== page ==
Correction: An earlier version of this story incorrectly attributed comments made by Deputy Foreign Minister Youssef Amrani to Foreign Minister Saad-Eddine el Othmani. The story has been corrected.
As dusk enveloped the salmon-pink houses of this capital city, the brightly colored robes of women stood out in a mass of protesters chanting for independence from Moroccan rule.
While other colonies in Africa threw off occupiers one by one, this rocky desert expanse on the continent’s northwestern coast remains a disputed territory controlled primarily by next-door Morocco and locked in a nearly 40-year-old forgotten struggle for the right to choose its fate. And in a Muslim-majority region where women are often marginalized from politics, women have taken an unusually prominent role in Western Sahara’s independence movement.
Their involvement has spanned a guerrilla war with Morocco and, for the past two decades, a mostly peaceful protest movement. Female activists in the former Spanish colony attribute the phenomenon to a combination of the indigenous Sahrawi population’s moderate interpretation of Islam and the freedom they derived from their nomadic roots — but also, perhaps counterintuitively, to the prevalence of traditional gender roles, which they say give women the time to demonstrate.
“This is a pride for us, that this is led by women,” said Aminatou Haidar, a Nobel Peace Prize nominee and the most recognizable face of Western Sahara’s nationalist movement.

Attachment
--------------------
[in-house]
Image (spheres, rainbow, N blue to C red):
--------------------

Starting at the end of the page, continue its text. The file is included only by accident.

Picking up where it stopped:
But as its duration shows, the campaign is an uphill battle that has so far been won by Morocco, which annexed most of Western Sahara after the Spanish withdrawal in 1976. Morocco argues that Western Sahara — home to abundant fishing grounds, lucrative phosphate mines and offshore oil — is an integral part of its territory and that separatists represent just a fraction of the population of about 500,000.
That is now probably the case, because Moroccan citizens — whom the Moroccan government entices to the area with tax breaks — are thought to outnumber the remaining 150,000 or so Sahrawis inside the territory by at least two to one.
The United States, like most nations, does not recognize Morocco’s sovereignty over Western Sahara, but calls by the Sahrawi people for a referendum on independence have made little headway. Experts attribute that to a combination of Moroccan lobbying against the proposal, lack of international will to upset one of the region’s most stable countries and arguments between Morocco and the Sahrawis’ rebel-movement-turned-government-in-exile, the Polisario Front, over who should vote.
Moroccan officials argue that an independent Western Sahara is not viable and that longtime enemy Algeria is backing the cause to stir problems.
“There is no room for a failed state in the region,” Moroccan Deputy Foreign Minister Youssef Amrani told reporters in May. “It will fall into the hands of extremists.”
Despite the independence movement’s regular protests, the victories are small. Still, it appears to have brought about a shift in Moroccan government policy, which now officially supports making Western Sahara an autonomous region within the Moroccan state.
“Even if I don’t reach that day when the Sahara is independent, I am completely convinced that the next generation is going to live the day of independence,” Haidar said.
Instead of the dozens of people that most protests draw, the May march drew more than 1,000, including hundreds of women. Some activists described the protest as the largest in the history of the independence movement, and they partly attributed the crowd strength to anger over a recent U.N. Security Council decision not to approve a U.S. proposal to grant the U.N. peacekeeping mission in the Western Sahara a mandate to monitor human rights. The United States later abandoned the proposal after strong opposition from Morocco, which canceled a military exercise between the two countries in protest.